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Old 03-24-2019, 10:03 AM   #1
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First Aid

Wondering what type of first aid kits people keep aboard for extended cruises (Bahamas....etc...)
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Old 03-25-2019, 12:13 PM   #2
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Ron, I looked at many different commercial first aid kits and found that none of them had all of the things I was looking for. Rather than buy several kits to get what I wanted, I bought a fishing tackle box and filled it with the things I thought I should have on board, the HOPED I'd never have to use it.
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Old 03-25-2019, 01:11 PM   #3
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Old 03-25-2019, 02:09 PM   #4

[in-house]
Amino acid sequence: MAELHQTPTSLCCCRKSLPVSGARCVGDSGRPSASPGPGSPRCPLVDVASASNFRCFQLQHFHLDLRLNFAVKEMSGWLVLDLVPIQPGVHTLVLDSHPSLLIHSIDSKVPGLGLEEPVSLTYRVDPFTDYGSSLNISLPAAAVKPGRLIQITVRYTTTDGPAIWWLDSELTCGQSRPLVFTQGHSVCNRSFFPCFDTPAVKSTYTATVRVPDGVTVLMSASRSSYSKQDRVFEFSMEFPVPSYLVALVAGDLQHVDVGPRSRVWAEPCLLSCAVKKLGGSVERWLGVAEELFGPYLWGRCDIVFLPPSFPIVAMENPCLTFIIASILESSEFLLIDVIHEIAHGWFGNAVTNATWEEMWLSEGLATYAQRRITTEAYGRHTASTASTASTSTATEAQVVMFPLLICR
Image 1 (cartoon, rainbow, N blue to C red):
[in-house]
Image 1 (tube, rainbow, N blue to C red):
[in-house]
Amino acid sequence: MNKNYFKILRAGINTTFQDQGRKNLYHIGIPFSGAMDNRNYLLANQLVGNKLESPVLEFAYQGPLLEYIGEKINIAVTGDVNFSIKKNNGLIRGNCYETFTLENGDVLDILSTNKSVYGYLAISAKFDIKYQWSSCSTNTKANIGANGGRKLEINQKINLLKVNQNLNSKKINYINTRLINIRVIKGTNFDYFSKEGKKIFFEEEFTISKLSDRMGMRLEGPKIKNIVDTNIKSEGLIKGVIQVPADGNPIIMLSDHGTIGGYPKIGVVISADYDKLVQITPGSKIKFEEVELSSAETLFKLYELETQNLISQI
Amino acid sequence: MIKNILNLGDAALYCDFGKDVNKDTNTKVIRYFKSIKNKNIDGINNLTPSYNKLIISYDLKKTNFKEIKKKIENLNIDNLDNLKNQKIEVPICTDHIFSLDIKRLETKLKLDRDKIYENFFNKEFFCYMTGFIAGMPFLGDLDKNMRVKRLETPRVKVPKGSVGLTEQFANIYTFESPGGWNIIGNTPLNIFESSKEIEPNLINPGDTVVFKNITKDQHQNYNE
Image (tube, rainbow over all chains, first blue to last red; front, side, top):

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Ditto here on making up you own kit. Our kit is in a waterproof Rubermaid bin.

Probably more important, is to take a marine first aid training. I emphasis the "marine" part because there will likely be more emphasis on hypothermia and handling of hypothermic patients. Also, many other first aid courses teach how to stabilize a patient for 10-15 minutes until the ambulance arrives. In the marine world, it may be many hours before paramedics can reach the scene or a patient can be transferred to a higher level of care.

I have been fortunate to acquire Advanced Marine First Aid training through the marine search & rescue that I volunteer with.
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Old 03-25-2019, 02:11 PM   #5
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Might be a bit of overkill, but dont tell the Admiral that! She built this bag herself! Even has IV Drips, LOL. Hope to never need that. That medical background has paid off a few times
We store it in the bathtub of the forward head along with the ditch bags.
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Old 03-25-2019, 02:42 PM   #6